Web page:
TIFF 2017 Review: “Miami” (2017) ★★★★★

Did it ever happen to you that by the time you reach the end of the film, you feel hopeless, exhausted, emotionally tired and heartbroken? It’s almost like the things you just witnessed happened to someone you cared about? MIAMI is a film you take personally. It evolves around two sisters whose lives have always been tragic, but in a very poetic way. This movie slowly builds up the hope not only for its protagonists, but for you as a spectator as well. All these will happen for one main reason – to leave you empty, confused but being touched deeply by this aesthetically pleasing movie.

Angela is a gorgeous woman in her 30s. She is like a star that will never lose its shine. By looking at her, the only thing you can see is a magnet that attracts happiness and blessings. Her younger sister Anna is more like a protector, someone who is there to extend Angela’s life a bit longer. Someone who needed to have a sister for some hidden purposes. Their path will cross many years later. They both will learn something new from each other. One will become bolder, another one will try to find peace. But before it happens, two women need to find a way to escape trouble created by Angela that can threaten the little haven they have discovered.

“When I have a rough time at school or somewhere else, I imagined you’d show up and take me away”, says Anna, after a long-awaited reunion with Angela. But when the movie begins, a quick look of Anna with short hair and heavily breathing is being replaced by the opening credits. Right after that, the viewer is taken to the bar where a woman named Angela dances on the stage but is being observed by someone who she did not know yet – Anna. After performing her gig, Angela goes outside to be hunted down by a man, we soon will learn, demands money she owed. Anna, like a superwoman, comes to Angela’s rescue and offers her to stay at her place till the morning.

Angela thinks Anna is like an angel who was at the right place and at the right time, but early morning when Anna asks Angela to go to the room with full of family pictures on the table, she realizes that Anna is her younger sister and they were separated by their parents. That reunion marks the beginning to an emotional ride of two sisters who will do anything possible to be together. When Anna learns that Angela owes forty thousand euros to bad people, she agrees joining her tour and participate in her gigs in order to collect money. During their journey, they both reconnect in a very special way. Their love and self-awareness will amaze you, and even them. But is it because it’s too good to be true or just a coincidence? But that won’t matter as long as Angela and Anna have each other, there is nothing that can keep them apart, not even danger that awaits for them ahead of their stirring voyage, full of dangerous plans that usually never ends well.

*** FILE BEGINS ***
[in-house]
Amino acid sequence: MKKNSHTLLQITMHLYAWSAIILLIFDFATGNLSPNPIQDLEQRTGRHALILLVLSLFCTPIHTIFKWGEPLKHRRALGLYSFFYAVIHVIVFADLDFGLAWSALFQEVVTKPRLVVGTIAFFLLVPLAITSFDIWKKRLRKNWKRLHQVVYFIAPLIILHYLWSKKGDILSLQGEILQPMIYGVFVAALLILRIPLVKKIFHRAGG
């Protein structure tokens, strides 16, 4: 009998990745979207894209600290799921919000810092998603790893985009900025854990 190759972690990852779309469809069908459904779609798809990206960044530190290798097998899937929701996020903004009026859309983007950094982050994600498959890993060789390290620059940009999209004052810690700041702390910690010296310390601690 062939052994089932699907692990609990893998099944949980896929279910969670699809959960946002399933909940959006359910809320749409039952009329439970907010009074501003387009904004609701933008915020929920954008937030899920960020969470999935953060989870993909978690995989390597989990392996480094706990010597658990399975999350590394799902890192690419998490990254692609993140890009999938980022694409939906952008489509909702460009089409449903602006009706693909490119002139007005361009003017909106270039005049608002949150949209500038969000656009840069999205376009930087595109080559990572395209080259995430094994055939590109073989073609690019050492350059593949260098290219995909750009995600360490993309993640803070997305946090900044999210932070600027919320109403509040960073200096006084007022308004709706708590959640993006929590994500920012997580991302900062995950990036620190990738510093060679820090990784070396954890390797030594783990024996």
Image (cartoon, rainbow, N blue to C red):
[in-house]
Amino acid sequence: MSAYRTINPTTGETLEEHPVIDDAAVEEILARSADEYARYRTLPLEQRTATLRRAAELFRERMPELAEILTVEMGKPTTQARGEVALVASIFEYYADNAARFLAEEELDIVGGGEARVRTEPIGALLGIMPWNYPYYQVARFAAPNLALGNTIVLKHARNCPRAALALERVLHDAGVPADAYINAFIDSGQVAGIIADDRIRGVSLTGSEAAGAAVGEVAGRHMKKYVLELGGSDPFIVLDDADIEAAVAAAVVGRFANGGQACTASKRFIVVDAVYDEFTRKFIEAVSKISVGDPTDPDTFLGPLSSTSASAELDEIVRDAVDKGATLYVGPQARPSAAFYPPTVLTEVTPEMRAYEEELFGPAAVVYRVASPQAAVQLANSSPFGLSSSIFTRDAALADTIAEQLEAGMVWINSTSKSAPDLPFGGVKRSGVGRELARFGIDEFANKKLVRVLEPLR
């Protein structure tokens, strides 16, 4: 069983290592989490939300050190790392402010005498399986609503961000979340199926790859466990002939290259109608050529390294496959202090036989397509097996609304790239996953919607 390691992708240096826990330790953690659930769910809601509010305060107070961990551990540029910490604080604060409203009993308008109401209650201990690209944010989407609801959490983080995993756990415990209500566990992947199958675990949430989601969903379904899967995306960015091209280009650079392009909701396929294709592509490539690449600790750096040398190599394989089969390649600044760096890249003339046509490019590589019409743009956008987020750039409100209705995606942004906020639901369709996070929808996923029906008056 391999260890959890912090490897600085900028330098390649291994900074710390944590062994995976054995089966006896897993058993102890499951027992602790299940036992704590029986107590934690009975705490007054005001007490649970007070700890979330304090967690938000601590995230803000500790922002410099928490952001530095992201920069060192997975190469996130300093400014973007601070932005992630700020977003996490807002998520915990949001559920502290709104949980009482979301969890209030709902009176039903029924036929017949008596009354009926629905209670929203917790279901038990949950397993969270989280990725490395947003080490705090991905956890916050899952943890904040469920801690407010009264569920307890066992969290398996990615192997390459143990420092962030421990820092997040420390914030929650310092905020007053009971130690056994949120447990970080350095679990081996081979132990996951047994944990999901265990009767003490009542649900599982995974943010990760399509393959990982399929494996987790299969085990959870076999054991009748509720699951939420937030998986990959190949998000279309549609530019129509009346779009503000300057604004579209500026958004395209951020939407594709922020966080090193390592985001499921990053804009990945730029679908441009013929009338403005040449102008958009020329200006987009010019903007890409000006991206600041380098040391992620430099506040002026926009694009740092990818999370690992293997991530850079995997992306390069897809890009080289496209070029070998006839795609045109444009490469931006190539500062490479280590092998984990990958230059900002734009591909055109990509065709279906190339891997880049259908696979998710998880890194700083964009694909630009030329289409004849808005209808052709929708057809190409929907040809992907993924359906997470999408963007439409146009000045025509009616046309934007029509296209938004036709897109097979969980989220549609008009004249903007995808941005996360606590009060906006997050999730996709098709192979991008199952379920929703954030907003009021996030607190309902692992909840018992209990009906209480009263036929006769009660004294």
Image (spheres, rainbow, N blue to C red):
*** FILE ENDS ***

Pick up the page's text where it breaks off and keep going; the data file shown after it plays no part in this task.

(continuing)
MIAMA, co-written and directed by Zaida Bergroth is a film that will shake you to the core. It’s sweet and charming story of two sisters who grew apart from each other, but managed to develop a special bond years after. It’s about willingness to fight for the one you love. It shows every risk is worth taking. It well narrates that life has an expiry date. Everything always and must come to an end. But one move, one step makes it special. Because the family tie, whether here or there must be connected… and that’s a tie no one can ever break. And as a person who has that connection with my twin sister, I could distantly or not, but relate and understand why Anna or Angela do what you will find them doing.

Bergroth’s MIAMI works on so many levels. But one of them is outstanding, and I repeat, astonishing performances delivered by Krista Kosonen as Angela and Sonja Kuittinen as Anna. Both actors share such an incredible chemistry that will make you believe they are sisters in real life. Kuittinen managed to breath life into Anna and make her real. Kosonen was spectacular as Angela, almost like this role was written for her. The last scene they share together was so touching and emotional, you, the same way as me, want to be able to hold the tears back. For that, they did not have to lose a life, but have genuine and heartwarming moments they will cherish from that moment on.


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